Imagine walking into the cafeteria at school, everyone around you is eating. You sit down next to your friend, you don’t have a lunch. They wonder why, you say you’re not hungry, you say you had a big breakfast but the truth is you haven’t eaten since last nights dinner. They accept the answer, not remembering that you didn’t have a lunch yesterday, or the day before, you don’t know if you’ll have one tomorrow.

When you donate to the food bank it has an immediate impact; the food, or money goes straight from you to a person in need. I feel that we are morally obligated to care for people in our community who are going through difficult times; I couldn’t stand the idea of a friend coming to school without anything to eat, or a mother going without dinner so she can feed her children.

I spoke to Karen Secord who runs the Parkdale Food Centre (my local food bank) and asked her a few questions about hunger in our community. Karen said that she works at the food bank because she feels that “when people live in poverty they become invisible” and she doesn’t “want to live in a world that is us and them.”

Karen also told me that we have to make wise choices when donating food. “Why give them Kraft Dinner? I don’t want Kraft Dinner!” She said that when we donate processed food we become part of the problem. We shouldn’t give people food that we don’t want to eat ourselves. It’s important for everyone to eat healthy, nutritious food; as Karen put it, “it’s a basic human right!”

In addition, Karen said that it is exceedingly important for kids (of all ages) to volunteer at the food bank. I believe that you are never too young to want to change the world, and by giving someone food, is one of the easiest ways to do so.

Everyone uses the food bank. The man on your bus, the girl from home room, the mother you see dropping off her kids at school. Collage students, elderly; people you know, and think you have figured out. Without the food bank people would get sick, which would only put more stress on an already stressed health system.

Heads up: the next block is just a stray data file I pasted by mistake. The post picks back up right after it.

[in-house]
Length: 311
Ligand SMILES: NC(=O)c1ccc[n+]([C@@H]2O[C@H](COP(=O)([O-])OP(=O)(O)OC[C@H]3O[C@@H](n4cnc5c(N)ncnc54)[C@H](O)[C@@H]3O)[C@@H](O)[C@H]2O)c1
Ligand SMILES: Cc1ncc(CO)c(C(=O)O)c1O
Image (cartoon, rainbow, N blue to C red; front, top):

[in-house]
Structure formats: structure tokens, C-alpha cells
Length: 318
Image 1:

The food bank is not an answer, but for now it’s all we have. For many people it’s the difference between eating and hunger. It’s important to volunteer or to donate healthy, nutritious food to your local food bank. But ultimately, what we need is for people to think. Think of a way to eliminate hunger, especially in a country like Canada, where we have vast resourses and no reason for anyone to be hungry.

Today is different. Today you have a lunch, ham and cheese on whole wheat, with fresh fruit for desert. Today you’ll smile brighter and study harder, because today you don’t have to pretend you’re not hungry; because today you’re not.

Neve Stewart — January 18 2014

Neve and Paul Dewar, MP for Ottawa Centre at the Parkdale Food Centre

The HPH: Committed to our Community

Summer Baird, the owner of the Hintonburg Public House, comes by almost weekly to donate…and how do we count the ways….

  • toiletries
  • laundry soap
  • warm clothing
  • non-perishable food
  • meat
  • cash – lots and lots of sash!